(clj 2) Setting up Vim for Clojure

As mentioned in my previous post I’ve decided to use Vim as my Clojure editor. That leaves me with three things to do: getting reacquainted with Vim, updating my Vim config in the .vimrc file, and installing both general and Clojure-specific Vim plugins.

Getting reacquainted with Vim

Ever since I learned Vim basics a long time ago I have been using it once in a while to make small edits to a config file or a commit message, but not for anything more complicated than that. So that’s the first thing I wanted to address: refresh my basics and make sure I know where to find more information when I need it.


I figured that a good way to get back into Vim was the Vimtutor. It’s a 30-minute interactive tutorial where you edit a file with instructions with vim. I kept notes of what it covers, which you can find here. Vim’s help also includes a quickref, an “Overview of the most common commands you will use”, which is intimidatingly long considering that description. As a reference to look things up in, it should be useful, though.

Going through the Vimtutor to refresh my Vim felt good. Something about Vim keybindings just feels right to me. However, me liking Vim dies not mean that I automatically remember all the keybindings and commands and capabilities of Vim. So I decided that if I wanted this project of both learning Vim and Clojure to work, I should make a Clojure-Vim cheatsheet to help me. The plan is to keep updating this sheet as I do more with Vim and Clojure.

Using Vim’s :help command

Another great resource are Vim’s help files, which can be found online and by typing :help<Enter> or <F1> in Vim itself. You can also see help on specific topics by doing :help {topic}<Enter>, or do :help {topic}<ctrl+d> to see entries matching what you have typed so far.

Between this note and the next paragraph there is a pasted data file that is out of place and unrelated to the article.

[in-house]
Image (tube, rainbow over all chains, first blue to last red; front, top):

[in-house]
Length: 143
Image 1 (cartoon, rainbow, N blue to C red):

When you do that, you’ll notice that Vim will open the relevant help file in a separate window,, i.e. the vim screen is now split in half. (Vim also has tabs, with tabs containing one or multiple windows.) So that makes right now the right time to learn some basic Vim window management:

  • close the active window with :q (closes Vim if that leaves you with 0 active windows)
  • make the active window take up all vertical space with ctrl+w _ or all horizontal space with ctrl+w |
  • split equally again with ctrl+w =
  • move to the next window with ctrl+w w
  • move to the window in a specific direction with ctrl+w {direction}, with direction being one of h j k l
  • snap the window to a side with ctrl+w shift+{direction}, with direction again being one of h j k l

With basic window management out of the way, there are also a few keybindings to learn to help with text navigation:

  • to look up whatever word is under the cursor hit ctrl+] (works for topics and with section titles)
  • to jump back to where you were use ctrl+o
  • to jump forward again use ctrl+i

That should be enough to make Vim’s help files a useful resource. Or at least I hope it is, because the above is the result of me looking up the things I expect to need to be able to use Vim’s help files.

Updating my Vim configuration

First of all a warning: you can spend hours upon hours looking into Vim’s configuration settings, plugins, and color schemes - without using Vim to write a single line of… let’s say Clojure. If you want to know how deep that rabbit hole goes, I recommend reading this blog post by Karolis Koncevičius, where he shares “Lessons learned during my 5 year adventure in fiddling with Vim configuration files”.